How do stunts work in this indie action film? Does it become more simplified? Is there much time to rehearse?

On this one, there were no rehearsals beforehand. The stunt coordinators got it all figured out, and you learn it on the day right before you shoot the scene. I’ve done at least one fight movie where I fought quite a lot and then on night shift, there is a couple of scenes where we fought. I had some MMA matches as well. The way I found that was effective to learn to fight scenes on short notice is basically like a phone number, you learn three moves at a time. You learn the first three moves; you get those down. This is what we’re doing, and this is the dance. When you get those, you learn the next three. When you get that, you put them together. Once you have got the six, we’re going to add another three. You figured that out and tack it on. Learning it kind of three moves at a time simplifies it a little bit. Sometimes it’s four depending on how it’s choreographed. Essentially learning it in bits and pieces and then putting those together helps.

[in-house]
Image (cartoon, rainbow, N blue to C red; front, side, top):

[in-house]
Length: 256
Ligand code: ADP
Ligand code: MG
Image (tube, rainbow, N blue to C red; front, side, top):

There’s a reason the phone number is divided up that way. If you just put ten digits together, the brain doesn’t compute it the same way as, going three, three, and four. That’s the way I approach to fight scenes on short notice. We learned them on the day. There wasn’t a lot of prep for this, unfortunately, to go over any of that stuff, which is the norm these days for movies. Back in the day, using film was so expensive that everyone had to be prepared. Everyone got their rehearsal, the sound got the rehearsal, everybody. Everything was set up in such a way. As great as digital is press the button, it doesn’t matter. You’re not wasting any film or anything. What it’s done a little bit is everyone goes like, “We don’t have to rehearse. We don’t have to be as prepared, because we’re putting it on a hard drive and not this expensive film that you have to go expose and figure out. A little off-topic is the fact that digital has changed the way sets run a lot of times and what producers expect. Like I said if you asked anybody 15 years ago to shoot a movie in ten days, they would have laughed. It would have been ridiculous. Now it’s becoming the norm.

What did Dolph Lundgren bring to the set as an action star presence?